The aims of this study were therefore to assess and compare the incidence of VTE, by type, in patients with RA treated with JAKi or biological DMARDs (bDMARDs) as used in clinical practice (using TNFi as reference), and to contextualise these rates by estimation of the corresponding incidences in the overall RA population, irrespective of specific DMARD treatment, and in the general population.


    Study design

    We conducted a nationwide register-based, active comparator, new user design cohort study that made use of prospectively recorded and linked data from clinical and other Swedish registers.


    In Sweden, healthcare and drug prescriptions are publicly funded with an annual threshold of payment for the individual patients of €230. Prescription of drugs approved by EMA and the national drug reimbursement agency is at the discretion of individual physicians with guidelines issued by the Swedish Society for Rheumatology. The vast majority of patients with RA are treated by rheumatologists at public rheumatology clinics. VTE events are usually diagnosed and/or treated at public hospitals.

    Data sources

    The Swedish Rheumatology Quality Register (SRQ) is a longitudinal clinical register capturing information on RA disease activity and treatment, based on data entered by the treating rheumatologist as well as the patients at outpatients visit. The estimated national coverage in SRQ for patients with RA and any DMARD treatment is 85%–90%. The National Patient Register (NPR) contains information on inpatient care since 1969 (nationwide since 1987) and non-primary outpatient care since 2001, with diagnoses coded according to International Classification of Diseases (ICD). The coverage for somatic conditions such as RA and VTE, and typical RA comorbidities, is reported to be over 95%.19 The Prescribed Drug Register (PDR) contains information on all filled prescriptions, coded according to the Anatomic Therapeutic Chemical Classification system (ATC) since 2005. The Cause of Death Register contains information on all deaths and cause(s) of death registered using ICD codes since 1961. The Swedish Population Register contains information on residency, civil status (marriage or civil partnership/union) and migration data for all Swedish residents. The Longitudinal integrated database for health insurance and labour market studies (LISA) includes information on sick leave and disability pension since 1990. For details of the data sources, please see online supplemental table S1. Through personal identification numbers, issued to all Swedish residents, individual-level data from registers and other data sources may be linked together.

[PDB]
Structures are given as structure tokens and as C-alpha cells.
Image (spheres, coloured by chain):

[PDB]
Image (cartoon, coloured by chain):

Supplemental material

    Study population

    Through SRQ, we identified all b/tsDMARD treatment initiations between 1 January 2010 and 31 December 2020 among all registered patients with RA above 18 years of age.

    Using validated algorithms applied to NPR,20 we further identified the entire RA population in Sweden (the ‘overall RA cohort’) defined by at least two separate visits listing RA at a rheumatology or internal medicine clinic before or during the study period.

    For each patient with RA who contributed to any of the b/tsDMARD cohorts, we randomly matched five individuals without RA from the general population by age, sex and residential area (at time of RA diagnosis for the index RA patient).

    Exposure b/tsDMARDs were categorised into the following treatment initiation cohorts: TNFi (etanercept, infliximab, adalimumab, golimumab, certolizumab pegol), rituximab, interleukin 6 inhibitors (IL6i) (tocilizumab, sarilumab), abatacept and JAKi (tofacitinib, baricitinib, upadacitinib). Dates for introduction of each JAKi on the Swedish market are presented in online supplemental table S2. Treatment initiation was defined as the registered date of treatment start in the SRQ. For each of these treatment cohorts, we used a first initiation per molecule approach, meaning that one individual could contribute to each treatment cohort more than once, but only once with each individual drug. For instance, an individual who, during the study period, initiated treatment with adalimumab, switched to rituximab, and later to etanercept contributed two initiations to the TNFi cohort, and one to the rituximab cohort. Similarly, an individual who initiated treatment with baricitinib followed by tofacitinib contributed two initiations to the JAKi cohort. Switch from an originator to biosimilar was considered the same treatment episode, as was restarting the same treatment within 90 days after discontinuation (180 days for rituximab) if no other bDMARD was initiated in between. In an additional analysis, baricitinib and tofacitinib were assessed as separate cohorts.


    The outcome was defined as the first registration with an ICD10 code for VTE in primary or secondary position in the NPR, or PE listed as the underlying cause of death in the Cause of Death Register during follow-up, plus the requirement of a filled anticoagulant prescription within 30 days (unless death from any cause within 30 days). See online supplemental table S3 for all ICD and ATC codes. Subjects with a VTE registered during the year prior to start of follow-up were excluded. This outcome definition was recently validated in our RA study population and was found to have a PPV of 98% (95% CI 95% to 100%), with only a minor loss in sensitivity (86%) compared with when not applying anticoagulant requirement and not excluding those with VTE within the previous year.21 We used a time-to-first event approach for each drug. One individual could thus only contribute one VTE event for each individual drug treatment-exposure, but could contribute VTE events to more than one drug or drug class. VTE events that occurred within the 60-day window after discontinuation of one b/tsDMARD but after the start of any new b/tsDMARD (n=9) were attributed to both exposures. We also defined two separate outcomes: first PE and first DVT during the follow-up, with the same requirement of dispensation of anticoagulant as for the main outcome.